As with all GABAA receptor agonists, Placidyl can be habit forming and extremely physically addictive (with potentially lethal withdrawal resembling delirium tremens and benzodiazepine withdrawal). After prolonged use, withdrawal symptoms may include convulsions, hallucinations, and amnesia. As with most hypnotics, Placidyl was indicated for use in the treatment of insomnia for a short period of time (a week or two). However, it was nonetheless not uncommon for doctors to prescribe Placidyl (and other hypnotics) for extended periods of time, as currently prescribed soporifics are today.

During the late 1970s, ethchlorvynol was sometimes over-prescribed causing a minor epidemic of persons who quickly became addicted to this powerful drug. Elvis Presley was quite fond of Placidyl, Supreme Court Justice William Rehnquist had to be hospitalized for detox of Placidyl, as was Steven Tyler of Aerosmith. Occasional deaths would occur when addicted persons would try to inject the drug directly into a vein or an artery. Ethchlorvynol is not compatible with intravenous injection and serious injury (including the loss of limbs due to vascular injury) or death can occur when it is used in this manner.[5]


Ethchlorvynol is a member of the class of sedative-hypnotic carbinols, which includes methylparafynol and tert-amyl alcohol. It is not a benzodiazepine, carbamate, or barbituric acid derivative, and its molecular structure is considerably simpler. The systematic name of ethchlorvynol is usually given as ethyl 2-chlorovinyl ethynyl carbinol or 1-chloro-3-ethylpent-1-en-4-yn-3-ol. Its empirical formula is C7H9ClO.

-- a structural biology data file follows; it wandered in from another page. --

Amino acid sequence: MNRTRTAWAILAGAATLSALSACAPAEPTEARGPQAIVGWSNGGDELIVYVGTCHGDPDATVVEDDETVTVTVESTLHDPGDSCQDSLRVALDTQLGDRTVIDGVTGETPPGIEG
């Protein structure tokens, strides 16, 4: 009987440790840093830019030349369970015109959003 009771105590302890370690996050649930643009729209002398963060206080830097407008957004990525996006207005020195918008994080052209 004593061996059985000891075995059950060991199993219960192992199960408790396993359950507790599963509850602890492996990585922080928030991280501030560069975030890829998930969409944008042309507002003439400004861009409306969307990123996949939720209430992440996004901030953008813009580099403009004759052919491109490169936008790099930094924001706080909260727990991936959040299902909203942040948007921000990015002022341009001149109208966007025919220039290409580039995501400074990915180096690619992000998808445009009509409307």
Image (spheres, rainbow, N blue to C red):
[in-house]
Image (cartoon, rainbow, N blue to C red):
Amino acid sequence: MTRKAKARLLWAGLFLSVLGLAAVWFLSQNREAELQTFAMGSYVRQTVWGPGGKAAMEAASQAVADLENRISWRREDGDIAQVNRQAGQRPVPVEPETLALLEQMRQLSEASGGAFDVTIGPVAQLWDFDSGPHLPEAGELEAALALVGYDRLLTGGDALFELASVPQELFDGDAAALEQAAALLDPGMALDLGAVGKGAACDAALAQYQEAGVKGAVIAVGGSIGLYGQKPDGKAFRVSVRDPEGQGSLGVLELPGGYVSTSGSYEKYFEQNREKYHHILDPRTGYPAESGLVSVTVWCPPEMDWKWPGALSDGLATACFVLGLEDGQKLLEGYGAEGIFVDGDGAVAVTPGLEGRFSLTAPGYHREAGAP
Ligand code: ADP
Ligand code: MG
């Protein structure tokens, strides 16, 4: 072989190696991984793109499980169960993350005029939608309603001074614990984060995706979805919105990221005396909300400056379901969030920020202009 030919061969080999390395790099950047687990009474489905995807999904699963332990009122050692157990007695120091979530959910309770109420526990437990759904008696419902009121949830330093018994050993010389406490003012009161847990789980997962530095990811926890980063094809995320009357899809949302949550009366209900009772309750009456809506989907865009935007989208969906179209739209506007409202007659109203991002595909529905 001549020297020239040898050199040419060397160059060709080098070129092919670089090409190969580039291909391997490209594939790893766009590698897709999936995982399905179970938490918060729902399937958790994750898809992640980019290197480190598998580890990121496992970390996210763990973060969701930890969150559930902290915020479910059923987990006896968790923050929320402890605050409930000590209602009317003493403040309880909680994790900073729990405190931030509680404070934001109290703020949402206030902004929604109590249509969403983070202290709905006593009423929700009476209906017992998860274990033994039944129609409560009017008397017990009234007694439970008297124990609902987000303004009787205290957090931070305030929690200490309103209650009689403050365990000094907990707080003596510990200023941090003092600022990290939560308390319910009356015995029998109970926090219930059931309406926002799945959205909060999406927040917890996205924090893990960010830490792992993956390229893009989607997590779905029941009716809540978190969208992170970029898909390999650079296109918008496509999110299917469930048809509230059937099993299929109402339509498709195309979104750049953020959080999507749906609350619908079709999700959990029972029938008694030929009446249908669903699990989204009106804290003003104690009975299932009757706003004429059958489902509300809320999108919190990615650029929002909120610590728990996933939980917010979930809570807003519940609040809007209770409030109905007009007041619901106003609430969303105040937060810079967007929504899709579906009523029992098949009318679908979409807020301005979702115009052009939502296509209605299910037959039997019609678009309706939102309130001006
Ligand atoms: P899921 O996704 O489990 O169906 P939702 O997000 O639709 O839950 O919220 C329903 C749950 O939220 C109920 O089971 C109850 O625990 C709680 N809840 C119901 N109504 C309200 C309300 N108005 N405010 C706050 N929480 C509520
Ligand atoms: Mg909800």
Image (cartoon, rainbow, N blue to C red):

Ethchlorvynol is synthesized by an ethynylation reaction using lithium acetylide and 1-chloro-1-penten-3-one in liquid ammonia, followed by acidic work-up.[4][6]

The analogous compound consisting of a carbamate derived from the hydroxyl group was investigated and was shown to have a slower onset, longer duration, and increased potency, but was not developed commercially.


  1. ^ Anvisa (31 March 2023). "RDC Nº 784 - Listas de Substâncias Entorpecentes, Psicotrópicas, Precursoras e Outras sob Controle Especial" [Collegiate Board Resolution No. 784 - Lists of Narcotic, Psychotropic, Precursor, and Other Substances under Special Control] (in Brazilian Portuguese). Diário Oficial da União (published 4 April 2023). Archived from the original on 3 August 2023. Retrieved 16 August 2023.
  2. ^ a b c "Erowid Ethchlorvynol Vault". Erowid. 12 January 2007. Retrieved 17 April 2014.
  3. ^ "Annual Statistical Report on Substances Listed in the Convention on Psychotropic Substances of 1971 Form P" (PDF). International Narcotics Control Board (INCB). January 2014. p. 9. Archived from the original (PDF) on 10 September 2015. Retrieved 17 April 2014.
  4. ^ a b US 2746900, Bavley A, McLamore WM, "Hypnotic Agent and Method of Making the Same", issued 1956 
  5. ^ Glauser FL, Smith WR, Caldwell A, Hoshiko M, Dolan GS, Baer H, Olsher N (January 1976). "Ethchlorvynol (Placidyl)-induced pulmonary edema". Annals of Internal Medicine. 84 (1): 46–8. doi:10.7326/0003-4819-84-1-46. PMID 942681.
  6. ^ McLamore WM, P'an SY, Bavley A (1955). "Hypnotics and Anticonvulsants. II. Halogenated Tertiary Acetylenic Carbinols". Journal of Organic Chemistry. 20: 109–117. doi:10.1021/jo01119a018.